Union environment minister Prakash Javadekar and Union water resources minister Uma Bharti have been entrusted with the task of cleaning the Ganga. While contemporary writings on the Ganga have focused largely on pollution, its role as a riverine ecosystem that supports rich biodiversity — 40 species of zooplanktons, 50 species of insects, 12 species of turtles and two mammals have been recorded — has largely been ignored. And as the river faces a crisis of existence, these creatures also face similar challenges. Naturalist Francis Hamilton was among the first to list over 275 species of fish in the Ganga in 1822. Since then, no comprehensive survey has been conducted along the entire river.
In the Himalayas, the river supports over 50 species of fish that are today rare or endangered. A recent study in the Garhwal Himalayas reports a rapid decline in fish diversity due to landslides and soil erosion. In 2011, the environment ministry noted the dumping of silt in the river by hydropower companies. The freshwater aquatic biodiversity of the Ganga depends on a number of variables from nutrient content to amplitude of flows, to turbidity of the water in motion. High turbidity, for instance, leads to the choking of gills leading to increased mortality of fish. Yet none of these factors are considered in river conservation programmes.
On the Alaknanda over 24 dams are in various stages of development. A study by the Wildlife Institute of India has highlighted that 35 mammals, 350 birds and 1,000 plants along with species such as the snow leopard and the brown bear will be impacted once the forests are submerged for hydro-projects. At Devprayag, the confluence of the Bhagirathi and the Alaknanda, an already shrinking population of smooth coated otters will be impacted by an upcoming dam.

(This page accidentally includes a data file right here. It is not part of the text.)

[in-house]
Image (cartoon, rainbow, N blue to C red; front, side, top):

In the plains, the Ganga was once home to ghariyals and dolphins: Today, the former are predominantly in the Chambal River. The dolphins remain confined to small pockets of Uttar Pradesh and Bihar, unable to migrate as the fish ladders built on the barrages are too small for them or have never been opened. Assessing the condition of these ladders should be a part of the environment clearance process.
In Varanasi, few may have visited the turtle-breeding centre that was once set up to clean the river but not many studies have been undertaken to find out if the release of these flesh-eating turtles have helped clean the river. Species like the Indian soft shell turtles are sold for their meat — others like the three-striped roof turtle are endangered.
In our zest to clean the Ganga, one hopes that the two ministers turn their attention to these creatures that do not have a vote but can shape the Ganga as much as her devout followers.
Bahar Dutt is a conservation biologist and author of Green Wars — Dispatches from a Vanishing World
The views expressed by the author are personal